Australia is a fairly liberated nation when it comes to sex. But that doesn’t mean most of us are necessarily comfortable talking about what we do or do not do in the privacy of our own bedrooms (or kitchens, bathrooms, on-premises sex clubs, the great outdoors etc.).
Luke Warm Sex, ABC’s new six-part docu-comedy series, aims to get Australians expressing themselves sexually with more confidence, and make us better at the act of sex itself, with the kind of sex education you don’t get through school or porn.
It takes its tone and general structure from previous ABC docu-comedy shows like Judith Lucy’s Spiritual Journey and Judith Lucy is All Woman: a series of interviews interspersed with a comedian host embarking on a variety of unusual and often discomforting experiences related to the show’s theme.
This journey into sex is led by 30-year-old Luke McGregor, who has relatively limited experience in the area and all kinds of hangups about his body, bodily contact and nudity. He might seem like an unlikely host — most of his schtick as a comedian is about his awkwardness — but by having McGregor talk about his own shortcomings and striving to overcome them, the series suddenly has real emotional stakes.
In the first episode, McGregor overcomes his fear of nudity by consulting a range of experts (or, sexperts) and participating in a series of activities, which end with him at a nudist resort, playing a match of nude tennis.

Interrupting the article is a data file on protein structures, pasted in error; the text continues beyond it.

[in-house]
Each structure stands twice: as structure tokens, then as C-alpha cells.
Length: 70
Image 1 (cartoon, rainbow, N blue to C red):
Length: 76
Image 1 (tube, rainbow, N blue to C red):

It’s not until the second that the series really finds its groove when McGregor conquers his fear of bodily contact, firstly by taking place in a kissing technique class (using a slice of tomato), then by joining in on a “cuddle party”, and then experiencing an ancient Tibetan ritual called “Pulse of the Dragon”, which involves intense pelvis-to-pelvis contact. McGregor lies flat on his back while his teacher Barbara straddles him and performs a series of movements, forcefully and rhythmically bumping and grinding her pelvis against his for 30 minutes. The practice is designed to unleash sexual energy … or something.
He encounters all kinds of experts along the way with their own sex philosophies, from a sex positive educator/lubricant evangelist, to the members of a bondage and S&M club.
McGregor’s own journey is probably the most compelling aspect of the series. But because his awkwardness and anxiety is the major source of comedy, there are moments when you wonder just how genuine it all is. He’s clearly set himself the goal to be as honest as he possibly can be about his own feelings and experiences, and while there are some very intimate revelations, you get the impression that what you’re often watching is his honed and developed stand-up persona, rather than the “real” Luke.
But he’s still an endearing presence, and the show is consistently entertaining and revealing, even for those who think they know a lot about sex.